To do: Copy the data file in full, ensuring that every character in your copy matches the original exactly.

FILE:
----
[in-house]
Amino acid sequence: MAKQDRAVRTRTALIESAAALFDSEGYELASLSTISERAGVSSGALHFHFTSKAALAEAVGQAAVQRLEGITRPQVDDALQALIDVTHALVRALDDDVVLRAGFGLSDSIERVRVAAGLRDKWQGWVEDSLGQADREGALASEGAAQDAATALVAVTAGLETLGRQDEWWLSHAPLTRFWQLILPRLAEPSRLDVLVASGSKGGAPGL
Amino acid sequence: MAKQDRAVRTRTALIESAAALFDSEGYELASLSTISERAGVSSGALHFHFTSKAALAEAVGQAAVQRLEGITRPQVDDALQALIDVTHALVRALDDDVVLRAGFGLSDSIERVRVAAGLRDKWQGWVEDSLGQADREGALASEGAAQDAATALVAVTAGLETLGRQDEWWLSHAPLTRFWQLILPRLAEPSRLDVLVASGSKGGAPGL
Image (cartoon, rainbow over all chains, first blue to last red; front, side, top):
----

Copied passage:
[in-house]
Amino acid sequence: MAKQDRAVRTRTALIESAAALFDSEGYELASLSTISERAGVSSGALHFHFTSKAALAEAVGQAAVQRLEGITRPQVDDALQALIDVTHALVRALDDDVVLRAGFGLSDSIERVRVAAGLRDKWQGWVEDSLGQADREGALASEGAAQDAATALVAVTAGLETLGRQDEWWLSHAPLTRFWQLILPRLAEPSRLDVLVASGSKGGAPGL
Amino acid sequence: MAKQDRAVRTRTALIESAAALFDSEGYELASLSTISERAGVSSGALHFHFTSKAALAEAVGQAAVQRLEGITRPQVDDALQALIDVTHALVRALDDDVVLRAGFGLSDSIERVRVAAGLRDKWQGWVEDSLGQADREGALASEGAAQDAATALVAVTAGLETLGRQDEWWLSHAPLTRFWQLILPRLAEPSRLDVLVASGSKGGAPGL
Image (cartoon, rainbow over all chains, first blue to last red; front, side, top):